Frequency of treatment:
once daily at approximately the same time each day.
Duration of test:
22 days
Dose / conc.:
0 mg/kg bw/day (nominal)
Remarks:
Control - Group 1
Dose / conc.:
25 mg/kg bw/day (nominal)
Remarks:
Group 2
Dose / conc.:
50 mg/kg bw/day (nominal)
Remarks:
Group 3
Dose / conc.:
75 mg/kg bw/day (nominal)
Remarks:
Group 4
Dose / conc.:
100 mg/kg bw/day (nominal)
Remarks:
Group 5
No. of animals per sex per dose:
24 females
Control animals:
yes, concurrent vehicle
Details on study design:
- The test system was selected because: 1) it is a standard species accepted for use in embryo-fetal development studies; 2) this species and strain has been demonstrated to be sensitive to developmental toxicants; and 3) historical data and experience exist at the Testing Facility.
- The number of rabbits chosen for this study was the smallest number considered necessary to provide the minimum number of pregnancies recommended by the applicable guidelines.
- Route rationale: The oral (gavage) route of exposure was selected because this is the intended route of human exposure.
- Dose selection rationale: Dose level selections were based on the results of the range-finding study. Mortality, adverse clinical signs, reduced body weight gain and food consumption were observed at 250 and 500 mg/kg/day. Abortions, reduced body weight gain and reduced food consumptions were also observed at 125 mg/kg/day.

Maternal examinations:
VIABILITY CHECKS (mortality):
- Time schedule: the rabbits were assessed for viability at least twice daily during the study

CAGE SIDE OBSERVATIONS: Yes
- Time schedule: The rabbits were observed for general appearance on the day of arrival at the Testing Facility and daily during the dose and post-dose period, including the day of scheduled euthanasia.

DETAILED CLINICAL OBSERVATIONS: Yes
- Time schedule: 1 to 2 hours after dose administration

BODY WEIGHT: Yes
- Time schedule for examinations: Body weights were recorded on DG 0 (provided by the Supplier), on the day of arrival at the Testing Facility, and daily during the dose and postdose period, including the day of scheduled euthanasia.

FOOD CONSUMPTION : Yes
- Food consumption values were recorded daily during acclimation (values not tabulated) and daily during the dose and post-dose periods including the day of euthanasia.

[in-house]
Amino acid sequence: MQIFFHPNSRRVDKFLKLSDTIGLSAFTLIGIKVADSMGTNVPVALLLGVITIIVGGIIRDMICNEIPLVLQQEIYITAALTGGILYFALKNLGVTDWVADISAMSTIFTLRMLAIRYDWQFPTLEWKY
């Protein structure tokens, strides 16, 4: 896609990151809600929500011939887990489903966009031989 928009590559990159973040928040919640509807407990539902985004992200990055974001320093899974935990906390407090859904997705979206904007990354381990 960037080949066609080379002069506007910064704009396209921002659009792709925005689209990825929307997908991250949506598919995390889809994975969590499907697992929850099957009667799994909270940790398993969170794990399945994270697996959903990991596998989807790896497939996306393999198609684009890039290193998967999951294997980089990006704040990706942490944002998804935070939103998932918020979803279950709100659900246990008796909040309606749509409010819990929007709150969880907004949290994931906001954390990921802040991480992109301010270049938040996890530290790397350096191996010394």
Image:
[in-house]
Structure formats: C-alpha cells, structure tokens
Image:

WATER CONSUMPTION AND COMPOUND INTAKE (if drinking water study): No

POST-MORTEM EXAMINATIONS: Yes
- Sacrifice on gestation day #: DG 29
- Method of euthanasia: A euthanasia solution (390 mg/mL) was used to euthanize rabbits (via intravenous injection)
Unscheduled Deaths: The rabbits that died or were euthanized before scheduled termination were examined for the cause of death or condition as soon as possible after the observation was made. The rabbits were examined for gross lesions and tissues identified were collected and retained for possible future evaluation. Pregnancy status and uterine contents were recorded, and the aborted fetuses, conceptuses in utero and/or delivered kits were examined to the extent possible, using the same methods described for term fetuses.
Scheduled euthanasia: To minimize bias, all Caesarean-sections, gross necropsies and fetal examinations were conducted without knowledge of dose group. On DG 29, surviving rabbits were euthanized, and examined for ovarian and uterine contents and gross lesion. Tissues identified were collected and retained for possible future evaluation.
- Necropsy: A gross necropsy of the thoracic, abdominal and pelvic viscera was performed for all rabbits. Images were generated for illustration of or consultation on gross observations. Generation of such images was documented. Images and associated documentation were retained and will be archived.
- Tissue collection and preservation: Representative samples of the organs examined (see below) were collected from all rabbits and preserved in 10% neutral buffered formalin, unless otherwise indicated. Unless specifically cited, all other tissues were discarded. Corresponding tissues were retained from one rabbit in the control group, in order to provide comparative tissues for any possible histopathological evaluations of gross lesions.
- Organs examined: cervix, esophagus, gravid uterus, gross lesions/ masses, heart, kidney, liver, lung, ovaries, spleen, stomach, trachea, and uterus.
Ovaries and uterine content:
The ovaries and uterine content was examined after termination: Yes, the reproductive tract was dissected from the abdominal cavity
Examinations included:
- Gravid uterus weight: Yes
- Number of corpora lutea: Yes
- Number of implantations: Yes
- Number of early resorptions: Yes
- Number of late resorptions: Yes
- Other: placentae (size, color, and shape), live and dead fetuses
A live fetus was defined as one that responds to stimuli. A dead fetus was defined as a term fetus that did not respond to stimuli and that was not marked autolyzed. Any dead fetuses demonstrating marked to extreme autolysis were considered to be late resorptions. A conceptus was defined as a late resorption if it was grossly evident that organogenesis had occurred; if that was not the case, the conceptus was defined as an early resorption.